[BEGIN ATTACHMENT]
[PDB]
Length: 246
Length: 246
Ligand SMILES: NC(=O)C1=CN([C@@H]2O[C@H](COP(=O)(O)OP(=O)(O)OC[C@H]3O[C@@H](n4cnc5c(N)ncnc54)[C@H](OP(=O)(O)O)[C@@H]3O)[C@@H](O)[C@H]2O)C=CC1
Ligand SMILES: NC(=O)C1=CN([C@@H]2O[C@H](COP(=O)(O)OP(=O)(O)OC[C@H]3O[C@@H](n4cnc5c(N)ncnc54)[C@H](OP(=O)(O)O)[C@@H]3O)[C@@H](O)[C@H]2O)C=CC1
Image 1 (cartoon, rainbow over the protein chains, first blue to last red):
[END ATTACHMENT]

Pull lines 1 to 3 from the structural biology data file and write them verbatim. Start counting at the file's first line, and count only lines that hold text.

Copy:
[PDB]
Length: 246
Length: 246